The Oscar smash-hit Parasite (2019) has drawn renewed attention to both South Korea and South Korean cinema.
For decades, artistic creativity was suppressed under dictatorial governments, but post-democratization, a cultural renaissance dating to the late 1990s – Hallyu (“The Korean Wave”) – re-energized the industry. Hallyuwood has produced multiple global hits, ranging from violent thrillers (2003’s Oldboy) to horror films (2016’s The Wailing) to arthouse epics (2003’s Spring, Summer, Fall, Winter…and Spring) to wacky comedies (2001’s My Sassy Girl).
But Korean film-makers have also looked over their own shoulders to produce works dramatizing the troubled politics, fast-track development and roiled society of a country that was only born in 1948.
Below, Asia Times recommends 10 films that, viewed chronologically, serve as a primer on South Korea’s short, but dramatic history.
Peasant rivalries, murderous ideologies
Korea was wiped off the world’s mind map from 1910-1945, only re-emerging as globally significant when it was divided by the USA and USSR, post-World War II. Few Korean peasants knew what communism or capitalism meant, but a people brutalized by colonial rule and subject to intra-village rivalries proved a combustible combination when Cold War ideologies were hurled into the mix. These dangerous dynamics are explored in To the Starry Island (1993). Few other films have captured the nastiness of the conflict as it played out among rural communities – where some animosities still simmer to this day. Korea’s leading pre-Hallyu actor, Ahn Seung-gi, plays a man who returns to try to bury his father on a backwater island where hideous events occurred during the Korean War.
When devils stalked the land
From 1950-53, Korea was the scene of the first hot conflict of the Cold War, the first war America could not win, and a war that marked the awakening of communist China as a global force. For Koreans, it was a tragedy of the darkest hue. For three years, demons stalked the land, devastating the nation and killing, by consensus estimates, some 2 million. The “Forgotten War,” coming so soon after World War II and just before Vietnam, won little attention in Hollywood. Kang Jae-kyu’s 2004 blockbuster Taekgukki (“National Flag”): Brotherhood of War redresses the balance. Kang’s camera captures epic scenes of devastation, massacre and close-range combat as it tells the emotive story of two brothers swept up in a maelstrom that swept over the peninsula.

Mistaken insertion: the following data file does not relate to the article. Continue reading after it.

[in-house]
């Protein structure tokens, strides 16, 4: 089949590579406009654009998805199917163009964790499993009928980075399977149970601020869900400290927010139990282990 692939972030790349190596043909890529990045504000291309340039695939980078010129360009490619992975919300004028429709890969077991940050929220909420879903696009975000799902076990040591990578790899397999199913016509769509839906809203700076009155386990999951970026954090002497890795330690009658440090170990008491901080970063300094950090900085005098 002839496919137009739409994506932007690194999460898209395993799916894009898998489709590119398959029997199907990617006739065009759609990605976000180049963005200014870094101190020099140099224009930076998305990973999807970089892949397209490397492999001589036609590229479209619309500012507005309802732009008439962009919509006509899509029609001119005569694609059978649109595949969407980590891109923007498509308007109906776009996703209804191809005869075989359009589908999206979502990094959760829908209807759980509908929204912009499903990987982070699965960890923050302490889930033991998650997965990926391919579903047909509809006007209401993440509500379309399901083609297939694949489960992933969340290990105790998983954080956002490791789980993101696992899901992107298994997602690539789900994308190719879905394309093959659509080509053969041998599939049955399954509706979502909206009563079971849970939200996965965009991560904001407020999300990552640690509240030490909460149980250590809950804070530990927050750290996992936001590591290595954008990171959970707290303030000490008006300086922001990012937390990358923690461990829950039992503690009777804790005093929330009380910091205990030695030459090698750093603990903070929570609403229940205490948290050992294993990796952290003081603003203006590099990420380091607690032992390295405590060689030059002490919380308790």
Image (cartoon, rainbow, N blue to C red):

Rising from the ashes
Few countries transitioned from rags to riches as swiftly as South Korea. An economic basket-case in the 1950s, it was a global industrial powerhouse by the 1980s. Korean film-makers have largely ignored the conglomerates which provided Korea’s economic locomotive (though TV drama producers are less reticent), but Ode to My Father (2014) lauds the patriotism, diligence and sacrifice of the ordinary people who underwrote economic development. Starting with the desperate evacuation of a family – minus their father – from war-torn North Korea in 1950, this Forrest Gump-style, picaresque tale leads the reader through post-war markets, labor exports and the monetization of the Vietnam War as Korea climbs out of poverty. Bit-part characters include Hyundai founder Chung Ju-young. Slammed by some as right-wing nostalgia, it proved hugely popular among Korea’s older generation and this writer found the final scene deeply moving.
While development eliminated poverty and enriched the populace overall, the process was wrenching for many. No film captures the clash between tradition and modernity as well as 1993’s Seopyeonje – a pre-Hallyu hit, that single-handedly ignited a renaissance in its subject matter, traditional Korean opera. The film’s title refers to a sub-genre of opera. Master auteur Im Kwon-taek’s tragedy about a family of itinerant folk singers struggling to survive in the changing Korea of the 1940s-70s is gorgeously shot. However, the plot twist at its core – the ploy the father uses to retain control of his highly talented adoptive daughter – is one of the most devastating in world cinema.